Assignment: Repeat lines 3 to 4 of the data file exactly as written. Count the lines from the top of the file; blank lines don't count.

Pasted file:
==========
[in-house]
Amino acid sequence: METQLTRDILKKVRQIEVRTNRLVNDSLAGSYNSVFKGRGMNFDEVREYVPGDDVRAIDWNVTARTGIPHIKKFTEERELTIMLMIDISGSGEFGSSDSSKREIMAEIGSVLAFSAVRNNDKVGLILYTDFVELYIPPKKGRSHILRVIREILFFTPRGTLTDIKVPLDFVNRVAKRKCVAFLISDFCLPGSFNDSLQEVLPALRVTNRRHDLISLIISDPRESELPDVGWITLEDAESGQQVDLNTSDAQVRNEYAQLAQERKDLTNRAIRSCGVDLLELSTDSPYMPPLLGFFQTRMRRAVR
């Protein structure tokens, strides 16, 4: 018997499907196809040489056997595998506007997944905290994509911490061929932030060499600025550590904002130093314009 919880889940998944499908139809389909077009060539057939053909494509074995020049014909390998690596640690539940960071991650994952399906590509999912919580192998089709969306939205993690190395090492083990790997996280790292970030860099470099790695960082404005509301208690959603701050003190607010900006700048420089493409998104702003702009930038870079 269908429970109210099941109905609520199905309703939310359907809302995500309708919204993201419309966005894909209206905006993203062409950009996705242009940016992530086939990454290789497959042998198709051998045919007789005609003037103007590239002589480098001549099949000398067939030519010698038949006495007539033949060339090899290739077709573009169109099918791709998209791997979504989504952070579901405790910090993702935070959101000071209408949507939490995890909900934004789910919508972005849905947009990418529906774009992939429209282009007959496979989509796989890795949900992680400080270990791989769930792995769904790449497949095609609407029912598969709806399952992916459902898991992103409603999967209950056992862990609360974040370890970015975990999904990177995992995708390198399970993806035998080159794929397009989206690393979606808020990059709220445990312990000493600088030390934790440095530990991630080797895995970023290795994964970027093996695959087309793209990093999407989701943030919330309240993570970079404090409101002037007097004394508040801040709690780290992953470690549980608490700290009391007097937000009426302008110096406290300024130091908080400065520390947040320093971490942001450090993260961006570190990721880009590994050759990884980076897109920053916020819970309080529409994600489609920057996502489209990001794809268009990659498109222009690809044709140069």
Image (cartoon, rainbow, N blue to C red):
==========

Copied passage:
């Protein structure tokens, strides 16, 4: 018997499907196809040489056997595998506007997944905290994509911490061929932030060499600025550590904002130093314009 919880889940998944499908139809389909077009060539057939053909494509074995020049014909390998690596640690539940960071991650994952399906590509999912919580192998089709969306939205993690190395090492083990790997996280790292970030860099470099790695960082404005509301208690959603701050003190607010900006700048420089493409998104702003702009930038870079 269908429970109210099941109905609520199905309703939310359907809302995500309708919204993201419309966005894909209206905006993203062409950009996705242009940016992530086939990454290789497959042998198709051998045919007789005609003037103007590239002589480098001549099949000398067939030519010698038949006495007539033949060339090899290739077709573009169109099918791709998209791997979504989504952070579901405790910090993702935070959101000071209408949507939490995890909900934004789910919508972005849905947009990418529906774009992939429209282009007959496979989509796989890795949900992680400080270990791989769930792995769904790449497949095609609407029912598969709806399952992916459902898991992103409603999967209950056992862990609360974040370890970015975990999904990177995992995708390198399970993806035998080159794929397009989206690393979606808020990059709220445990312990000493600088030390934790440095530990991630080797895995970023290795994964970027093996695959087309793209990093999407989701943030919330309240993570970079404090409101002037007097004394508040801040709690780290992953470690549980608490700290009391007097937000009426302008110096406290300024130091908080400065520390947040320093971490942001450090993260961006570190990721880009590994050759990884980076897109920053916020819970309080529409994600489609920057996502489209990001794809268009990659498109222009690809044709140069």
Image (cartoon, rainbow, N blue to C red):